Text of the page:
12-12 Best Paper awards MST23

[Image above] John Mauro, center, editor-in-chief of Journal of the American Ceramic Society, presents Emanuel Ionescu of TU Darmstadt, left, and Balaya Palani of National University of Singapore, right, with ACerS Journals Best Paper awards at ACerS Annual Meeting at MS&T23 for their papers published in International Journal of Applied Ceramic Technology. Credit: ACerS

Measuring research impact is challenging, to say the least. Many metrics used to estimate impact, such as journal impact factor or author h-index, are simple numerical values that can be influenced by factors unrelated to scientific merit. As a result, groups such as cOAlition S, JISC (U.K.), and China’s Ministry of Science and Technology and Ministry of Education are developing policies and processes for evaluating research impact in in a more balanced manner, keeping with the San Francisco Declaration on Research Assessment.

The need to improve metrics for evaluating research impact is becoming even more important with the growing number of authors in total and on average for each individual published article, as illustrated by a 2016 paper published in PLOS Biology.

In that paper, Stanford University professor John Ioannidis and colleagues explored multiple citation indicators that address total impact, co-author adjustment, position of author in authorship list. They evaluated top scientists across 22 scientific fields using six citation indicators and developed a composite score that combines the six indicators.

Unsurprisingly, the authors found that each researcher’s status depended upon which indicator was chosen. For example, “Many Nobel laureates and other influential scientists rank among the top 1,000 with the composite indicator but rank much lower based on total citations. Conversely, many of the top 1,000 authors on total citations had no single/first/last-authored cited paper,” the authors write.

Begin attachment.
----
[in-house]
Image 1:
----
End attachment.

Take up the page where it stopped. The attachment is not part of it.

Though no method can unequivocally identify all the “best” scientists, considering the multiple indicators and their composites collectively provides a more comprehensive picture of each researcher’s impact than considering each indicator individually. For this reason, Ioannidis et al. have regularly published rankings based on this collective approach in publicly available databases, with the most recent update available here.

The rankings reveal some surprising trends. Specifically, the ceramic and glass community has a substantial impact given the size of this community relative to much larger fields, such as biomedicine and physics.

ACerS Fellows, such as Yuri Gogotsi, and Distinguished Life Members, such as the late luminaries Anthony Evans and Larry Hench, are highly ranked among all the researchers on the career impact list. When considering only “Materials” researchers, 17 of the top 25 career high-impact researchers are contributors to ACerS journals, many of them frequent contributors.

When considering only recent years for impact, ACerS journal authors are once more among the most highly ranked. In rankings based solely upon metrics for the year 2022, 17 of the top 25 most impactful materials researchers published in ACerS journals.

In an email, Michel Barsoum, ACerS Fellow and Distinguished Professor in the Department of Materials Science and Engineering at Drexel University, noted that “for a small society that is great impact.” Barsoum, who has authored 50 papers in ACerS publications, is ranked third among materials researchers and 124 among all researchers in all disciplines based on 2022 impact.